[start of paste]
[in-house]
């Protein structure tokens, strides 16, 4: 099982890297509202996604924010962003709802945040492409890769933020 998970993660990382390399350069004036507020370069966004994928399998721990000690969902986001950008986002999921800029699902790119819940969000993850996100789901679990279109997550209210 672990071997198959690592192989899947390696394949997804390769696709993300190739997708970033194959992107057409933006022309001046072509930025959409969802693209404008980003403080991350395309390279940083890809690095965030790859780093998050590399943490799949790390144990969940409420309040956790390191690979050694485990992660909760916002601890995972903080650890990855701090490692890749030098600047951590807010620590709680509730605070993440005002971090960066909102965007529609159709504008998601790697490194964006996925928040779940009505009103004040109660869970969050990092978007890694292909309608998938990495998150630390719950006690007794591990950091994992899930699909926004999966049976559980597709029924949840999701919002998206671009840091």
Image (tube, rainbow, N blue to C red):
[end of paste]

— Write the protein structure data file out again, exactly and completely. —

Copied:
[in-house]
């Protein structure tokens, strides 16, 4: 099982890297509202996604924010962003709802945040492409890769933020 998970993660990382390399350069004036507020370069966004994928399998721990000690969902986001950008986002999921800029699902790119819940969000993850996100789901679990279109997550209210 672990071997198959690592192989899947390696394949997804390769696709993300190739997708970033194959992107057409933006022309001046072509930025959409969802693209404008980003403080991350395309390279940083890809690095965030790859780093998050590399943490799949790390144990969940409420309040956790390191690979050694485990992660909760916002601890995972903080650890990855701090490692890749030098600047951590807010620590709680509730605070993440005002971090960066909102965007529609159709504008998601790697490194964006996925928040779940009505009103004040109660869970969050990092978007890694292909309608998938990495998150630390719950006690007794591990950091994992899930699909926004999966049976559980597709029924949840999701919002998206671009840091």
Image (tube, rainbow, N blue to C red):